70-year-old asymptomatic man with hypertension but not cardiovascular disease presented for a routine check. His pulse rate was 40bpm. His son, aged 45, recently had an MI in Australia.
His medications include
- Doxazosin 8mg OD
- Metoprolol 95mg CR OD – since 2006
- Cilazapril 5mg / Hydrochlorothiazide 12.5mg OD
ECG shows sinus bradycardia, with normal PR interval, QRS duration.
Without proven cardiovascular disease, in particular, angina and/or heart failure, the role of beta-blockers for hypertension is debatable. Even though he is asymptomatic from the sinus bradycardia, it would be useful to adjust his medications with less beta-blockade, and introduce calcium channel blocker.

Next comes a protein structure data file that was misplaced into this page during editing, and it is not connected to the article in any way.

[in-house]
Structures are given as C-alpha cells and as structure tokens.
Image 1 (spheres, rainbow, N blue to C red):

First line agents for hypertension are one of three classes:
- ACE inhibitors or Angiotensin receptor blockers
- Calcium channel blockers
There may be some advantage of using ACEi/ARB in the young vs. CCB/thiazides in the older population where isolated systolic hypertension is more prevalent.
β-blocker is generally NOT preferred as first line agent. (JNC8) The exceptions are in the settings of post-myocardial infarction, and heart failure.
Drug preference is mainly influenced by co-morbidities and contraindications, rather than a simple age cut-off.
Author: Dr Andrew To